Why gas prices dropped
Trust us. It wasn't OPEC or Republicans trying to influence midterm elections.
By Nelson D. Schwartz, Fortune senior writer

(Fortune Magazine) -- If the recent plunge in gas prices is the result of a conspiracy by President George W. Bush to help the Republicans retain control of Congress, as 42 percent of Americans believe, according to one Gallup poll, a lot of Wall Streeters wish they'd been in on the plot.

So what really drove prices down - if not an Oliver Stone-worthy scenario involving the Commander-in-Chief, the House of Saud and Secretary of the Treasury Hank Paulson cajoling his cronies at Goldman Sachs to sink the crude market?

Hedge funds get ahead of themselves

By late summer, hedge funds and other investors had poured billions into long positions in oil, gasoline, natural gas and the rest of what traders call the "energy complex," all betting on a replay of the severe 2005 hurricane season that sent prices soaring in the wake of Katrina and Rita. But one day after oil reached a monthly high of $76.98 a barrel on Aug. 7, government meteorologists downgraded their hurricane forecast and cautioned that a repeat of 2005 was "unlikely."

That announcement, combined with the end of the summer driving season and a recalibration of the Goldman Sachs (Charts) commodity index that reduced the weighting of gasoline, prompted speculators to head for the exits even faster than they'd piled in.

The switch in Goldman's basket of commodities had been previously announced by the firm, but that didn't stop the conspiracy theorists. "Hmm, what a coincidence, luring Goldman's top dog to take a HUGE pay cut by becoming Treasury's top dog, and then Goldman Sachs makes this unexpected decision, serving to dramatically drive down gas prices," said the Grey Matter, a liberal blog. But the grassy-knoll crowd didn't bother to crunch the numbers.

According to Joel Fingerman of Chicago-based OilAnalytics.net, between the peak of $77 a barrel in August and the October low of just under $58, traders dumped nearly 40 million barrels (a 20 percent drop) from their long positions. The volatile gasoline market showed an even sharper decline - with traders cutting long positions from 32 million barrels in midsummer to just 1.7 million in October.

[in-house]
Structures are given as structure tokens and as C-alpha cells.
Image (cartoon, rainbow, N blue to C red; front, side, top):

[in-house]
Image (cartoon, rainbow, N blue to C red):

"Whatever you want to call it - speculators, fast money, hot money - a big part of the drop in crude that we've seen this year is because of selling by hedge funds," says Merrill Lynch technical analyst Mary Ann Bartels.

That avalanche of cash also explains what's got the paranoid types talking - not merely the timing of the plunge in prices but its rapid speed. "Speculators create more velocity around existing trends," says Bartels. "Things are happening a lot more quickly in these markets than they used to."

The losers

Some traders were lucky and got out in time; most weren't. Implosions like the collapse of the $9.2 billion Amaranth fund seem spectacular, but the fund was merely caught in a bigger and badder bet than others hoping for another Katrina. Amaranth trader Brian Hunter bet the farm that hurricanes and a cold winter would push up natural gas prices, but, says Bartels, "a lot of people were caught by surprise."

The average energy hedge fund dropped 4 percent last month, according to Joel Schwab, a managing director of Hedgefund.net, which tracks fund performance. "They were having a great year, then things fell apart in September when they were caught long," says Schwab.

Even broader index-type funds that invest in a wide range of commodities and are open to individual investors are down. Manager John Brynjolfsson's Pimco Commodity Real Return fund is now off 5.6 percent for the year, after being up 1.4 percent before the summer rout.

The winners

One trader who's been luckier is Julian Barrowcliffe, manager of the $500 million Anglian Commodities fund. He has managed to eke out an 8 percent gain for the year by avoiding bets on which way crude would go, instead playing off the spreads between different products, betting on how, say, heating oil would move if gasoline prices went down.

"Anytime you have a big reversal, the guys who follow the trends get killed trying to get out quickly," says Barrowcliffe. As for those conspiracy theories, Barrowcliffe insists he wasn't tipped off. "It's ludicrous," he says. "Maybe 42 percent of Americans think Elvis is alive too."

Ironically, the current price for crude - $59 a barrel - is roughly where oil insiders have been predicting it would be if it weren't for all that hot money flowing into commodities. Last spring, energy consultant and Deloitte advisor Joe Stanislaw told Fortune that fundamental supply and demand factors suggested a price of about $50 a barrel, with geopolitical factors adding $10 and speculators putting another $10 on top of that.

Unfortunately for drivers, Stanislaw doesn't expect the premium caused by worries about tensions in key oil-producing countries like Iran, Iraq, Venezuela and Nigeria to fade anywhere near as quickly as all that hot money did. And there's no reason that money won't move back into energy if sentiment turns and there's a new trend to play.

Right now, the latest bet by traders is for a normal winter - if there's a sudden cold snap before Thanksgiving, expect a bump in crude. So enjoy the low gas prices while they last. You can be sure the White House will, even if it didn't orchestrate them.


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